However, like every empire has fallen before, the US Empire will also fall eventually. Very likely its fall is already in progress. The collapse of empire is NOT AVOIDABLE. Any human empire must grow (or stagnate and die). As it grows, complexity increases. However expansion/complexity costs more and more, while benefits decline. This is inevitable and the trend can only be reversed if a new energy subsidy is found - has to be better than oil for expansion to continue (highly unlikely).

A good book on this subject:

The Collapse of Complex Societies (New Studies in Archaeology) by Joseph Tainter

http://www.amazon.com/Collapse-Complex-Societies-Studies-Archaeology/dp/052138673X/ref=sr_1_1?ie=UTF8&s=books&qid=1254586384&sr=1-1

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Well, you certainly can't accuse either party of the Molotov-Ribbentrop pact of trying to keep Eurasia fragmented - even if they didn't admit it to each other... too bad those Anglo-Saxons ruined everything.

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I am reading a book about the formation of the British military intelligence services. From the very beginning 1830-1870 Afghanistan has been considered a critical country to watch and to mess with when other powers might mess with it.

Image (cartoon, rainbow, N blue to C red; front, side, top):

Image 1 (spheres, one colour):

And that was way before anybody really cared about the oil that Russia might threaten in the Middle East by sitting in Afghanistan.

Today, just a map with airplane ranges drawn from the Afghanistan borders, overlapped with important items of all kinds, is sufficient to answer the question. Iraq is even better, though.

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Molotov Ribbentrop:

1. When it was broken, it was already too late, the war was in high gear.

2. The breaking of the pact did not change the strategic situation as the winner of the war would still dominate Eurasia (Russia or Germany).

Thus, US/UK participation was inevitable. The cold war division of Europe served the US/UK just fine. Frankly otherwise WW2 does not make sense. The western allies go to war to protect eastern Europe from German domination, then throw it all away to Russia? (Remember, the war started because of the Polish invasion). Seemingly they did not achieve anything. But in fact they did. Europe remained divided. Mission accomplished.